You may have heard this week that Ashton Kutcher has a new job. No, it’s not a movie or TV role, or even an endorsement deal.
Lenovo announced Tuesday that Kutcher, the former star of That 70s Show and Punk’d and current star of Two and a Half Men, has been named a “Lenovo product engineer,” a role in which he “will work with the company’s engineering teams around the world to develop and market the Yoga line of tablets by providing input and decision-making into design, specifications, software and usage scenarios.”
There’s been a lot of this going around in the tech world lately. Lady Gaga, in 2010, was named “Creative Director” for a new Polaroid line of camera products. Alicia Keys also got a “Creative Director” title from BlackBerry not long after, while will.i.am. at one point was named the “Director of Creative Innovation” of Intel. Which is to say nothing for the seemingly endless array of rappers, actors and athletes who have put their names on headphone products from Monster, Beats, and their various offshoots and competitors, often with the backstory that they played a part in the creation of the cans themselves.
Some of these arrangements, so far, haven’t ever amounted to much. Nothing has come of the Gaga/Polaroid deal in at least two years, a “Sunglass Camera” touted as part of the partnership never even reached the market. Keys’ “Creative Director” position with BlackBerry didn’t stop her from tweeting from an iPhone a few months later, although to be fair using an iPhone is a fairly common behavior for most recent BlackBerry users. Will.i.am.’s Intel role at least involved visiting multiple countries and creating music on an Ultrabook computer, although any work he does for Intel is preferable to the terrifying prospect of another Black Eyed Peas album.
Kutcher’s deal, at least according to a series of interviews he gave this week, looks a bit more legitimate. Kutcher, in talking with ABC News’ Joanna Stern, went into some detail about the arrangement:
I was looking for a company that was building mobile devices that I could work with. I was also looking for a company that was willing to take risks and wasn’t making ‘me too’ devices. It’s a dual faceted role, I will be helping do some marketing with the company but also working with the R&D teams.
And after meeting the press, Kutcher hopped a plane to China, to meet with Lenovo’s R&D team.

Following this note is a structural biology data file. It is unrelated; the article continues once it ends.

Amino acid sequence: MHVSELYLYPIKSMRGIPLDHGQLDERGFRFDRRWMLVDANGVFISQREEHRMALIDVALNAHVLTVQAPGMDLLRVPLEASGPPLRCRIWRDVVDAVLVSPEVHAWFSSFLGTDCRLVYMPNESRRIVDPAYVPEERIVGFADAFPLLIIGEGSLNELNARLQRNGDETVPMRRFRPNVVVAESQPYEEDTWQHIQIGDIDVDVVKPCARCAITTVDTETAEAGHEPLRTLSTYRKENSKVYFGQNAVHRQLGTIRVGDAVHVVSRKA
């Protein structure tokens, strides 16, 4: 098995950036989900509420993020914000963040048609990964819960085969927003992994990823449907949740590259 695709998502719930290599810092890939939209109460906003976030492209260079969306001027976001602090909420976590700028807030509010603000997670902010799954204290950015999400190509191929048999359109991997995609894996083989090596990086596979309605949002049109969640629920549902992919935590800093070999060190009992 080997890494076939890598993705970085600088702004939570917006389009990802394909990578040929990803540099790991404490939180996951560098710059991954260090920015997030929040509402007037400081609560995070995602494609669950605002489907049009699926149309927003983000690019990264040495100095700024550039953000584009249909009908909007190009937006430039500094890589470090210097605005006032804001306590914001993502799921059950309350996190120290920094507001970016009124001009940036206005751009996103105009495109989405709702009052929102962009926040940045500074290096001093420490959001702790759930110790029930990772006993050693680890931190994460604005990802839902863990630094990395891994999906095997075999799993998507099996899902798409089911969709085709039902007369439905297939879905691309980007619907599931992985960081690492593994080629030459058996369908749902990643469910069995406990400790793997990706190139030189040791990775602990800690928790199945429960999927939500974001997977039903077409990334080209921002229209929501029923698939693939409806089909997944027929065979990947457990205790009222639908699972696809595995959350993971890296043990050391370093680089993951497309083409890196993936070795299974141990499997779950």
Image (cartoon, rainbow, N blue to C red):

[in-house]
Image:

The actor is a self-described gadget enthusiast, endorsed Nikon for years, and for a time held the record for the most followers of anyone on Twitter. He’s been a successful tech investor, and played Steve Jobs in a recent movie which, even though it was a flop, featured a passable performance from the actor in the lead role.
In other words, of all of the celebrities in the world, Ashton Kutcher is one of the few who might actually have some high-level skills to offer to a consumer electronics company. So why call him an engineer when he isn’t one?
Because despite the “product engineer” title, Ashton Kutcher is not a trained engineer, and holds no degree in computer engineering. While he studied engineering at the University of Iowa, he dropped out to pursue a showbiz career. And Kutcher’s legitimate technological and business savvy notwithstanding, if Lenovo were letting a non-engineer – much less one with a busy acting career – make engineering decisions about the Yoga tablet, it wouldn’t speak very well of Lenovo’s judgment, or of the quality of said product.
I don’t doubt that the press release is telling the truth about how Kutcher will “work with” the engineering teams around the world, including at Lenovo’s headquarters in China. But I’ve got a feeling that “work with” in this case means “visiting the offices once in a while, sitting in on some meetings, and spitballing some advice and ideas.” Because no matter how much time and energy he devotes to his Lenovo duties, sooner or later he’ll be needed again on the set of Two and a Half Men.
Celebrity endorsements are a big part of consumer electronics, and have been for awhile; in January, at International CES, we can expect to see all the big players competing with each other once again over who can deliver the most star power. But it’s a much newer development for companies to imply or state outright that the celebrities are actually playing an active role in the development of their products. There’s certainly nothing wrong with a savvy famous person offering consulting or conceptual advice on what they’re endorsing. But why name someone a creative director or engineer, when they’re neither?